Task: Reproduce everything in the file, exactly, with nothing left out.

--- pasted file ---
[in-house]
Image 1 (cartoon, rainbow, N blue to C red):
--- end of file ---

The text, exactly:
[in-house]
Image 1 (cartoon, rainbow, N blue to C red):